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Towards an efficient computational strategy for electro-activation in cardiac mechanics
Computer Methods in Applied Mechanics and Engineering, Volume: 356, Pages: 220 - 260
Swansea University Author: Antonio Gil
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The computational modelling of the heart motion within a cardiac cycle is an extremely challenging problem due to (a) the complex multi-scale interaction that takes place between the electrophysiology and electrochemistry at cellular level and the macro-scale response of the heart muscle, and (b) th...
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The computational modelling of the heart motion within a cardiac cycle is an extremely challenging problem due to (a) the complex multi-scale interaction that takes place between the electrophysiology and electrochemistry at cellular level and the macro-scale response of the heart muscle, and (b) the large deformations and the strongly anisotropic and quasi-incompressible behaviour of the myocardium. These pose an extreme challenge to the scalability of electro-mechanical solvers due to the size and conditioning of the system of equations required to obtain accurate solutions, both in terms of wall deformation and transmembrane potential propagation. In the search towards an efficient modelling of electro-activation, this paper presents a coupled electromechanical computational framework whereby, first, we explore the use of an efficient stabilised low order tetrahedral Finite Element methodology and compare it against a very accurate super enhanced mixed formulation previously introduced by the authors in Garcia-Blanco et al. (2019) and, second, we exploit the use of tailor-made staggered and staggered linearised solvers in order to assess their feasibility against a fully monolithic approach. Through a comprehensive set of examples, culminating in a realistic ventricular geometry, we aim to put forward some suggestions regarding the level of discretisation and coupling required to ensure sufficiently reliable results yet with an affordable computational time.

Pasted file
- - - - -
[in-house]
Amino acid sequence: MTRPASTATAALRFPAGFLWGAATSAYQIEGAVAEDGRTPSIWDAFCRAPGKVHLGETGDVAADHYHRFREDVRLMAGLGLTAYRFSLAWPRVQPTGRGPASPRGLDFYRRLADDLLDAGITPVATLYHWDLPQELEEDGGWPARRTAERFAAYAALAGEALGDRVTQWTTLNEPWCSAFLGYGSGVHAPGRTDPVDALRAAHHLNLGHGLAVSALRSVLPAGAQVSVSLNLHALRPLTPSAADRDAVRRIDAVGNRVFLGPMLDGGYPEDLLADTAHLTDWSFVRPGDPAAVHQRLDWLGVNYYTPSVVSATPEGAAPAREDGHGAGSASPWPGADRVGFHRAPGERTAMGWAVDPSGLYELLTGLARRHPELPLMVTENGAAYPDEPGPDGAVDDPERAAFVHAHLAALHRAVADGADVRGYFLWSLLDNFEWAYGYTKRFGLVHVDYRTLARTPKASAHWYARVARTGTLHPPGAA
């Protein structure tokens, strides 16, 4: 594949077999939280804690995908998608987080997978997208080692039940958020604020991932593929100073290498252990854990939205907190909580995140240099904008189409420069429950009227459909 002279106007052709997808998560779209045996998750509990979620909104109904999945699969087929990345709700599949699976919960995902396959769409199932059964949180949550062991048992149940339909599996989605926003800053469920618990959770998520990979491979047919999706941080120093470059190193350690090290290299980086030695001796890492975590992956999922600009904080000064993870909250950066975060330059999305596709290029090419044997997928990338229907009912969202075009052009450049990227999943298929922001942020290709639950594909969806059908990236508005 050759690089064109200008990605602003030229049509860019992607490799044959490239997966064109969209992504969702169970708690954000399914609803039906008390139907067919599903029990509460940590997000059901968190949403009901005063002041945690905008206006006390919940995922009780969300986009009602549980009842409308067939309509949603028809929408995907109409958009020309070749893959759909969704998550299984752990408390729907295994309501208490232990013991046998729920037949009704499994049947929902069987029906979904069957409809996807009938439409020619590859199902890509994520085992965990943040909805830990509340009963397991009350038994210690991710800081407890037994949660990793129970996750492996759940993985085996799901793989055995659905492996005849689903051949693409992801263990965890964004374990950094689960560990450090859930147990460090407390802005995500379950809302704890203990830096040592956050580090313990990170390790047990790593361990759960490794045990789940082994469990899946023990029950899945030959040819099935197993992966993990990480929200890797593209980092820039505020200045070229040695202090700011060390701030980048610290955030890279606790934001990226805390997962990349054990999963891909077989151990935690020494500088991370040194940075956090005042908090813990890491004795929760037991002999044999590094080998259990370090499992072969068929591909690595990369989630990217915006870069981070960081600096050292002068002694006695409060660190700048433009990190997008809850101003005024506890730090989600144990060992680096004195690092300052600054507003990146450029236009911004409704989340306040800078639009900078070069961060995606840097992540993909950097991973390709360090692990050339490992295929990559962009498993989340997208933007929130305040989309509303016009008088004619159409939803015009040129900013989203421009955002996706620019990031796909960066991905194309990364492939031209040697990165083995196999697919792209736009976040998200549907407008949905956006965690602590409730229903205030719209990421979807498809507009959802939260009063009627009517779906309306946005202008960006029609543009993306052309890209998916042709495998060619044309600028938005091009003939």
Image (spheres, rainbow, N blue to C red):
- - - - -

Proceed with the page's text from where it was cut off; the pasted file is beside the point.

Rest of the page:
Cardiac electromechanics, Mixed formulations, Polyconvexity, Finite elements
College of Engineering